Should all customers be treated the same, or should all different customers be treated differently?

We are very lucky in that the majority of our customers are regulars, or become regulars, but we also attract other customers, the occasional tourist who is looking for coffee, or the occasional lost tourist, or Antipodeans looking for coffee on their travels, or parents with buggies and little children etc etc. It is easy for a service person to simply to treat all customers the same, and of course it is fair and reasonable to do so, but this cannot and should not be the case.

Recognising the different types of customers and dealing with each one is such an important part of the service provided in any quality hospitality establishment. In our situation, this will most often be the person on service at the front end of the shop, the first person the customer sees in the door. It would be by using their amazing talent of peripheral vision that this person on service would recognise that a customer is approaching the shop, or walking in the door and they would do this often whilst serving other customers already in the queue. In their mind, they would already be breaking down the new customer into a certain category and preparing themselves to be able to assist them,  probably also acknowledging their entrance with a nod of the head, or a quick smile.

Once ready, they will break into the appropriate actions, words, gestures and processes that the specific category of customer requires. This is one of the true signals of a great service person or manager, it is why service people are just as valued as any other staff member in the business, it is why they are as important to your business as the chef, the kitchen hand and the barista. I often feel that a lot of talk within the specialty coffee industry just focusses on baristas. ‘What is the career path for a barista’ ‘ How do you look after your barista’ What training do you offer your barista’. I get a bit fed up with this. Does any one else work in your cafe?

In Kaffeine, each person is as important as each other, so when these questions are asked, I feel they should be asked to include all the categories of employees that work in specialty cafes. ‘What is the career path for a employees’ ‘ How do you look after your employees’ What training do you offer your employees’.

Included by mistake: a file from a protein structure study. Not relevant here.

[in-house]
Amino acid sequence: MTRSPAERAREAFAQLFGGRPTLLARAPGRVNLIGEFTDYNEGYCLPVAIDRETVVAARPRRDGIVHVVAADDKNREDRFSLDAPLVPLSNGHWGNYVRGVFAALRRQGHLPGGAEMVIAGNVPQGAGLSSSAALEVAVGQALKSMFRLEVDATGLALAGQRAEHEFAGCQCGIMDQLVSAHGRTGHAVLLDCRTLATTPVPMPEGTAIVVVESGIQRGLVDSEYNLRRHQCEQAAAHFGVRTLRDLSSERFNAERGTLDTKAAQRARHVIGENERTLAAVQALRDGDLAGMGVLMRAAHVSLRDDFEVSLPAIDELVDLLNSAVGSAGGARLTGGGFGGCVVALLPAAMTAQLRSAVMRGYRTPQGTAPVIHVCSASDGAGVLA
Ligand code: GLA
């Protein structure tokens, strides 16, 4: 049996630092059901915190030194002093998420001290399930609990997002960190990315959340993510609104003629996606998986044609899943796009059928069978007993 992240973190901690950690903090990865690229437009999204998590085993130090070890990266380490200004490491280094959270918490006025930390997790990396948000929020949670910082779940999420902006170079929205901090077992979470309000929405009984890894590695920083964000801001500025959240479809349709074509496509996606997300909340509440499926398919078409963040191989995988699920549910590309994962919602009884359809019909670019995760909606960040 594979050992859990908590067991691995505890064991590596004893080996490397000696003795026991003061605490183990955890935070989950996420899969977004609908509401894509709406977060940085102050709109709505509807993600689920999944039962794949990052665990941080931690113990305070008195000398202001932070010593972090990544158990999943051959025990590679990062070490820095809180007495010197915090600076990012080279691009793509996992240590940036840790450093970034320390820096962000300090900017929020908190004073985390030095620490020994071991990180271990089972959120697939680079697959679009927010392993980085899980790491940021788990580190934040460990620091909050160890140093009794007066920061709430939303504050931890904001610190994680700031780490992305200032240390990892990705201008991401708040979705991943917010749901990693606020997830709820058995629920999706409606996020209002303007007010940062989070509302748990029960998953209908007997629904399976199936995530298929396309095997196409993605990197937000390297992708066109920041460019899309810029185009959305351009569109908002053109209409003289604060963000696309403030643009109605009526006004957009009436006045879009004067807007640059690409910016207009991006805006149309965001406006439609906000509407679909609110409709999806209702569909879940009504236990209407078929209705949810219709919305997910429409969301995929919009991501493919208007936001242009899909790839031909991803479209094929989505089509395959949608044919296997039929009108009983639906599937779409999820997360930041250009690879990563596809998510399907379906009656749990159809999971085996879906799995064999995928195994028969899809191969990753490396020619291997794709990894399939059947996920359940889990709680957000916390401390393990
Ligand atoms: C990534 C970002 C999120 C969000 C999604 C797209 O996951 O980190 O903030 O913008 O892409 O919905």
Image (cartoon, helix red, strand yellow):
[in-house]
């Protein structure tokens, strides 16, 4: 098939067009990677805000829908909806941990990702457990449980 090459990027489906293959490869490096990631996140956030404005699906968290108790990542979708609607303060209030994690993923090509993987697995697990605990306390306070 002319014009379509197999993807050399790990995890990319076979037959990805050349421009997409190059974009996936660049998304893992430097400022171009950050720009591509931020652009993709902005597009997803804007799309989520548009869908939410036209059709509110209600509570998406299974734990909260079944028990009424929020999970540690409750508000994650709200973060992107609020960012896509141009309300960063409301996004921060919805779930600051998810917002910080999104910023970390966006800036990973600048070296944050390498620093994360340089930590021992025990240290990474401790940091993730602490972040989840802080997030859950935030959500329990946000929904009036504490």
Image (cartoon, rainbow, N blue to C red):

In some cases, a barista can go and hide behind the machine if they wish and just pull shots. A service person cannot hide. A service person is in the front line. They need to be talented, fast, clean, efficient, adaptable, empathetic, patient, understanding, helpful, sympathetic, fast, friendly, service focussed, clean, tidy, organised and hospitable. Simply being empathetic is a hard enough. Worst case is that eventually, a person’s empathy can run out and it is very hard to replenish.

So treating each customer according to their demographic is another vital component of a great service person or manager, as this will greatly enhance the overall experience of the customer, which is basically what all customers are looking for, a pleasant and enjoyable experience.

We recently did a staff training session to try to focus on this and highlight it.

We broke into four groups of four. Each group was given a category of either regular customers, a family with child in buggy, tourists with limited english skills and first time customers. No-one knew what the other groups had, it was their ‘secret’. They had to then talk amongst themselves about how they would deal with their secret, what might be important to think about. When ready, the leader of the group stood behind the counter and the rest of the group role played their secret category in front of everyone else. Then, the other groups had to guess what they were role playing. It was hilarious, great fun, but it also has a point where we really highlighted the differences. I know I certainly treat any customer with a buggy differently these days than I did before children of my own. Empathy big time.

Every customer that takes the time and effort to walk in the door is quiet simply there to have an overall pleasant experience, but as all people are different, they need to be treated differently too. The employees that can recognise this and act appropriately to the customers demographic are extremely valuable employees indeed.

Peter Dore-Smith
Director
Kaffeine Ltd
66 Great Titchfield st.
15 Eastcastle st.

 

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